My wonderful high school English teacher Mr Poyner was a Morgan enthusiast, and introduced us to his work. It felt like a privilege, something that other pupils in other classes weren't doing. We analysed, broke things down, and even tried to imitate.


In the Snack Bar was the first poem we studied; a short episode in life, described in almost painful detail. It still leaves me with strange feeling reading it now.

I quickly found the range of Morgan's work and the subject matter intriguing - the forensic detail of his instamatic poems, the playfulness of the concrete poetry, the brutal and continuing reality of the Glasgow Sonnets, and the dreamlike and mysterious worlds beyond.

I have taken Selected Poems down off the shelf to reacquaint myself with the great man's words, and hope you'll do the same. I can't reproduce my favourites on here; best perhaps to share the words he composed for the opening of the Scottish Parliament's in 2004. They are a fine reminder for what and who the institution should be for.


Open the doors! Light of the day, shine in; light of the mind, shine out!

We have a building which is more than a building.
There is a commerce between inner and outer,
between brightness and shadow, between the world and those who think about the world.

Is it not a mystery? The parts cohere, they come together
like petals of a flower, yet they also send their tongues
outward to feel and taste the teeming earth.
Did you want classic columns and predictable pediments? A
growl of old Gothic grandeur? A blissfully boring box?
Not here, no thanks! No icon, no IKEA, no iceberg, but
curves and caverns, nooks and niches, huddles and
heavens syncopations and surprises. Leave symmetry to
the cemetery.
But bring together slate and stainless steel, black granite
and grey granite, seasoned oak and sycamore, concrete
blond and smooth as silk – the mix is almost alive – it
breathes and beckons – imperial marble it is not!

Come down the Mile, into the heart of the city, past the kirk
of St Giles and the closes and wynds of the noted ghosts of
history who drank their claret and fell down the steep
tenements stairs into the arms of link-boys but who wrote
and talked the starry Enlightenment of their days –
And before them the auld makars who tickled a Scottish king’s
ear with melody and ribaldry and frank advice –
And when you are there, down there, in the midst of things,
not set upon an hill with your nose in the air,
This is where you know your parliament should be
And this is where it is, just here.

What do the people want of the place? They want it to be
filled with thinking persons as open and adventurous as its
architecture.
A nest of fearties is what they do not want.
A symposium of procrastinators is what they do not want.
A phalanx of forelock-tuggers is what they do not want.
And perhaps above all the droopy mantra of ‘it wizny me’ is
what they do not want.
Dear friends, dear lawgivers, dear parliamentarians, you are
picking up a thread of pride and self-esteem that has been
almost but not quite, oh no not quite, not ever broken or
forgotten.
When you convene you will be reconvening, with a sense of not
wholly the power, not yet wholly the power, but a good
sense of what was once in the honour of your grasp.
All right. Forget, or don’t forget, the past. Trumpets and
robes are fine, but in the present and the future you will
need something more.
What is it? We, the people, cannot tell you yet, but you will know about it when we do tell you.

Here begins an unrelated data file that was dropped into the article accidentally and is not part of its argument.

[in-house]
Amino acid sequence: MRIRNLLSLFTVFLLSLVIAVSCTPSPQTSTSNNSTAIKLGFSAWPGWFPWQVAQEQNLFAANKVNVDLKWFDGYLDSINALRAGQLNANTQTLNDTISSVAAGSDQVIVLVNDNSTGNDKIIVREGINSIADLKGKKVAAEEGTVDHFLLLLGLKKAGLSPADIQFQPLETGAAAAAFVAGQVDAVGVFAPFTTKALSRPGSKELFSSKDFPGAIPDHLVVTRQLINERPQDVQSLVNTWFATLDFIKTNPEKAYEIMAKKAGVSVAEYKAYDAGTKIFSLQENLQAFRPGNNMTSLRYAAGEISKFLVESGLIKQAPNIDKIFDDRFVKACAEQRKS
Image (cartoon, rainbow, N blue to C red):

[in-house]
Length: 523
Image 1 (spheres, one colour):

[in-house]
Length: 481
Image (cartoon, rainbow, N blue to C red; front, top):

We give you our consent to govern, don’t pocket it and ride away.
We give you our deepest dearest wish to govern well, don’t say we
have no mandate to be so bold.
We give you this great building, don’t let your work and hope be other than great when you enter and begin.
So now begin. Open the doors and begin.

Edwin Morgan

Wednesday, 11 August 2010

Jimmy Reid

I was saddened to hear this morning about the passing of Jimmy Reid, Trade Union activist and legend in his own lifetime. He was a truly great and inspirational man.

I met him on a few occasions, first when I worked as a researcher for Bruce McFee MSP - we were running a campaign to save the threatened Ferguson's Shipyard in Port Glasgow and Jimmy had gotten involved. He came into the office, and shared some tales and advice with us. It was a treat to be in his presence, although he felt my tea-making skills weren't up to scratch!

Later, he spoke at a meeting at the Pearce Institute in Govan - at length and without notes. My mum and dad had come along (unusually for them) to hear him, and were as captivated as the rest of us. His stories at times seemed to be a series of anecdotes, but by the end, he had gathered all of them elegantly together to illustrate the central thrust of his argument. It was quite an experience.

It was mentioned by one of Jimmy's close friends on the radio this afternoon that he often 'held court' after meetings, and SNP campaign conference in Glasgow in 2007 was such an occasion. He had been looked after at conference by the Trade Union Group, but found himself in the wee small hours surrounded by members of the party's youth and student wings. It was quite something to sit near this great man and listen to his experiences, asking questions and soaking up his wisdom. He was principled but realistic, explaining to us his place in the SNP had come by understanding that Labour was no longer the party he had joined.

At the time, he said:

"I have waited a long time to see forces emerging within the New Labour Party that would bring the party back to its roots, "

"But I have been waiting in vain and with every year that passes, Tony Blair and New Labour move further to the right. They are now indistinguishable from the Thatcherite Tories."


He made a great contribution to our cause in the relatively brief time he was a member, making the trip up from the Isle of Bute to give of his precious time despite his age and failing health. The most recent contribution I recall was during the Glasgow East by election.

I feel incredibly fortunate to have met Jimmy. Scotland is a greater place for having had him, and a di
mmer place tonight.